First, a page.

- Wright JT. Defining the contribution of genetics in the etiology of dental caries. J Dent Res. 2010;89:1173–1174.
- Johansson I, Holgerson PL, Kressin NR, Nunn ME, Tanner AC. Snacking habits and caries in young children. Caries Res. 2010;44:421–430.
- Lingström P, Birkhed D, Ruben J, Arends J. Effect of frequent consumption of starchy food items on enamel and dentin demineralization and on plaque pH in situ. J Dent Res. 1994;73:652–660.
- O’Mullane D. Can prevention eliminate caries? Adv Dent Res. 1995;9:106–109.
- Levy SM, Warren JJ, Broffitt B, Hillis SL, Kanellis MJ. Fluoride, beverages and dental caries in the primary dentition. Caries Res. 2003;37:157–165.
- Marshall TA, Levy SM, Broffitt B, et al. Dental caries and beverage consumption in young children. Pediatrics. 2003;112:e184–191.
- Declerck D, Leroy R, Martens L, et al. Factors associated with prevalence and severity of caries experience in preschool children. Community Dent Oral Epidemiol. 2008;36:168–178.
- Paes Leme AF, Koo H, Bellato CM, Bedi G, Cury JA. The role of sucrose in cariogenic dental biofilm formation—new insight. J Dent Res. 2006;85:878–887.
- Ly KA, Milgrom P, Rothen M. Xylitol, sweeteners, and dental caries. Pediatr Dent. 2006;28:154–163.
- Söderling EM. Xylitol, mutans streptococci, and dental plaque. Adv Dent Res. 2009;21:74–78.
- Mäkinen KK. Sugar alcohols, caries incidence, and remineralization of caries lesions: a literature review. Int J Dent. 2010;2010:981072.
- Wu CD. Grape products and oral health. J Nutr. 2009;139:1818S–1823S.
- Hu CH, He J, Eckert R, et al. Development and evaluation of a safe and effective sugar-free herbal lollipop that kills cavity-causing bacteria. Int J Oral Sci. 2011;3:13–20.
- Somanah J, Bourdon E, Bahorun T, Aruoma OI. The inhibitory effect of a fermented papaya preparation on growth, hydrophobicity, and acid production of Streptococcus mutans, Streptococcus mitis, and Lactobacillus acidophilus: its implications in oral health improvement of diabetics. Food Sci Nutr. 2013;1:416–421.
- Bonifait L, Grenier D. Cranberry polyphenols: potential benefits for dental caries and periodontal disease. J Can Dent Assoc. 2010;76:130.
- Xu X, Zhou XD, Wu CD. The tea catechin epigallocatechin gallate suppresses cariogenic virulence factors of Streptococcus mutans. Antimicrob Agents Chemother. 2011;55:1229–1236.
- Tanaka K, Miyake Y, Sasaki S. Intake of dairy products and the prevalence of dental caries in young children. J Dent. 2010;38:579–583.
- Shetty V, Hegde AM, Nandan S, Shetty S. Caries protective agents in human milk and bovine milk: an in vitro study. J Clin Pediatr Dent. 2011;35:389–392.
- Merritt J, Qi F, Shi W. Milk helps build strong teeth and promotes oral health. J Calif Dent Assoc. 2006;34:361–366.
- Danielsson Niemi L, Hernell O, Johansson I. Human milk compounds inhibiting adhesion of mutans streptococci to host ligand-coated hydroxyapatite in vitro. Caries Res. 2009;43:171–178.
- Llena C, Forner L. Dietary habits in a child population in relation to caries experience. Caries Res. 2008;42:387–393.
- Näse L, Hatakka K, Savilahti E, et al. Effect of long-term consumption of a probiotic bacterium, Lactobacillus rhamnosus GG, in milk on dental caries and caries risk in children. Caries Res. 2001;35:412–420.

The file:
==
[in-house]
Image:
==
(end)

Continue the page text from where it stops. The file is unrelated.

- Cildir SK, Germec D, Sandalli N, et al. Reduction of salivary mutans streptococci in orthodontic patients during daily consumption of yogurt containing probiotic bacteria. Eur J Orthod. 2009;31:407–411.
- World Health Organization. Health and Nutritional Properties of Probiotics in Food Including Powder Milk with Live Lactic Acid Bacteria: Report of a joint FAO/WHO expert consultation on evaluation of health and nutritional properties of probiotics in food including powder milk with live lactic acid bacteria. Available at: who.int/foodsafety/publications/fs_management/en/probiotics.pdf. Accessed July 9, 2014.
- Laleman I, Detailleur V, Slot DE, Slomka V, Quirynen M, Teughels W. Probiotics reduce mutans streptococci counts in humans: a systematic review and meta-analysis. Clin Oral Investig. 2014;18:1539–1552.
- Haukioja A, Söderling E, Tenovuo J. Acid production from sugars and sugar alcohols by probiotic lactobacilli and bifidobacteria in vitro. Caries Res. 2008;42:449–453.
- Slawik S, Staufenbiel I, Schilke R, et al. Probiotics affect the clinical inflammatory parameters of experimental gingivitis in humans. Eur J Clin Nutr. 2011;65:857–863.
- Maltz M, Jardim JJ, Alves LS. Health promotion and dental caries. Braz Oral Res. 2010;24(Suppl 1):18–25.
- Köhler B, Andréen I. Influence of caries-preventive measures in mothers on cariogenic bacteria and caries experience in their children. Arch Oral Biol. 1994;39:907–911.
- Tinanoff N, Palmer CA. Dietary determinants of dental caries and dietary recommendations for preschool children. Refuat Hapeh Vehashinayim. 2003;20:8–23,78.
- Moynihan P, Petersen PE. Diet, nutrition and the prevention of dental diseases. Public Health Nutr. 2004;7:201–226.
- Kressin NR, Nunn ME, Singh H, et al. Pediatric clinicians can help reduce rates of early childhood caries: effects of a practice based intervention. Med Care. 2009;47:1121–1128.
- Bader JD, Rozier RG, Lohr KN, Frame PS. Physicians’ roles in preventing dental caries in preschool children: A summary of the evidence for the U.S. Preventive Services Task Force. Am J Prev Med. 2004;26:315–325.
- American Dietetic Association. Position paper: nutrition and oral health. J Am Diet Assoc. 2003;5:615–625.
A version of this article appeared in the October 2012 issue of Journal of the California Dental Association and is reprinted with permission.
From Dimensions of Dental Hygiene. August 2014;12(8):30–33.